Iraqi, American Firefighters Combine Forces for Airfield Protection
By Air Force Master Sgt. Brian Davidson
Special to American Forces Press Service
NEW AL MUTHANA AIR BASE, Iraq, Oct. 31, 2008 As senior government leaders hammer out a new Status of Forces Agreement that will set the path for future American and Iraqi military policies, a group of American and Iraqi firefighters have already developed a working relationship that protects people, structures and aircraft here at Baghdad International Airport.
Air Force Master Sgt. John Bell, center, and Air Force Staff Sgt. Dale Catlett, right, work with Iraqi firefighters on a combined training exercise aimed at developing American and Iraqi cooperation in the event of an aircraft fire. Bell and Catlett are assigned to the 447th Expeditionary Civil Engineer Squadron, and they are deployed from the 105th Airlift Wing based on Stewart Air National Guard Base in New York. U.S. Air Force photo by Master Sgt. Brian Davidson
(Click photo for screen-resolution image);high-resolution image available.
U.S. Air National Guard firefighters from the 447th Expeditionary Civil Engineer Squadron are working with Iraqi air force firefighters from New al Muthana Air Base, learning how to collaborate to protect life and property in the event of any type of ground or in-flight emergency.
The most recent training paired the American and Iraqi firefighters in an exercise where they practiced the procedures for rescuing the flight crew from a C-130 Hercules transport aircraft in the event of a fire in the cargo hold.
The training began with the firefighters meeting for a briefing to discuss the objectives of the exercise including aircrew egress procedures and how to integrate their rescue and firefighting processes.
“We used an Iraqi air force C-130 for the training, and the Iraqi firefighters took the lead in entering the aircraft,” said Chief Master Sgt. John Cinquemani, 447th Expeditionary Civil Engineer Squadron. “It’s important to learn about each other’s capabilities and become familiar with the different equipment that’s used so we can integrate into one team in the event of any type of emergency. We have to have one common goal and one common process in order to save lives and get the job done.”
Working firefighting activities at an airport offers a unique set of challenges and dangers as compared to a regular city fire department, said Cinquemani, who is deployed from the 105th Airlift Wing at Stewart Air National Guard Base in New York where he serves as the full-time fire chief for the Guard Base as well as Stewart International Airport.
With more than 37 years as a firefighter and 23 years as a fire chief, Cinquemani understands those challenges and dangers, and pushes both the American and Iraqi firefighters to learn how to work together.
To that end, the chief is planning weekly training and exercises that will encompass a vast range of crisis scenarios and push the firefighters to perform as a seamless team.
“If we have an emergency on the Iraqi air force side of the airfield or involving an Iraqi aircraft, then they will take the lead and we will back them up,” he said. “If it involves an American aircraft, they have our backs—and it takes constant training be ready.”
When the training began, the call went out over the radio announcing an emergency response to a simulated fire aboard the Iraqi aircraft. The Iraqi and American fire trucks rolled out across the taxiway and took staggered positions around the aircraft. With the Americans wearing silver protective suits and the Iraqis wearing black, they worked together to pull hoses off the Iraqi trucks and prepare to enter the aircraft.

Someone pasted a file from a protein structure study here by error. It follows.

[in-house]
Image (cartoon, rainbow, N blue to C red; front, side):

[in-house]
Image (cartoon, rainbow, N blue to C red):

The Iraqis manned the hoses and stood by as American firefighters counted down and then yanked open the aircraft door. The Iraqis immediately pushed through the opening with their hoses and began clearing procedures, followed by their American back-up.
Once the aircraft was cleared, the teams gathered to discuss what they did well, and what they could do better.
“We still have to overcome the language barrier and do better in coordinating our actions so we all move and act together,” said Staff Sgt. Jason Ankenbauer, 447th ECES firefighter, who is deployed from the 144th Fighter Wing at Fresno Air National Guard Base, Calif.
“When you are dealing with an aircraft fire, there are lots of other things to consider including the fact that you have to work very quickly—not only to save lives but because it’s a three-dimensional environment and there are always going to be other activities around the emergency area and multiple aircraft overhead that are waiting to land,” he said.
Their training also will allow them to be better prepared to assist civilian Iraqi firefighters on the Baghdad International Airport side of the flightline in the event of a major civilian aircraft crash, fire or mass-casualty incident, Ankenbauer said.
Cinquemani praised the firefighters for staying focused on their task, and doing their best to move as a team. He then explained that he is working on a project to make sure all American and Iraqi firefighters get the same self-contained breathing equipment so they can more effectively team-up while working and training together.
Cinquemani’s plans for additional exercises and training include scenarios that will call upon American and Iraqi firefighters as well as medical personnel from the 447th Expeditionary Medical Squadron.
“The Iraqi air force firefighters are obviously very proud of their accomplishments, and every step we take with them in training is another step towards their capability to take over all of the military emergency services activities here,” he said. “Each of their accomplishments also brings them one step closer to becoming a fully independent and operational air force.”
(Master Sgt. Brian Davidson serves with the 447th Air Expeditionary Group.)